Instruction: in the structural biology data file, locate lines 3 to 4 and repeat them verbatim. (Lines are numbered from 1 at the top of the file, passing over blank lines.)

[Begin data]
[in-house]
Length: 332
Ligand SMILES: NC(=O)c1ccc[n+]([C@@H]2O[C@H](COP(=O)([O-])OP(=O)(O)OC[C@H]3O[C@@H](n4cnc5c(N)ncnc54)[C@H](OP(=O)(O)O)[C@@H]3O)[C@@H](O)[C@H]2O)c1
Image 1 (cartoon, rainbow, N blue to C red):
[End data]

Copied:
Ligand SMILES: NC(=O)c1ccc[n+]([C@@H]2O[C@H](COP(=O)([O-])OP(=O)(O)OC[C@H]3O[C@@H](n4cnc5c(N)ncnc54)[C@H](OP(=O)(O)O)[C@@H]3O)[C@@H](O)[C@H]2O)c1
Image 1 (cartoon, rainbow, N blue to C red):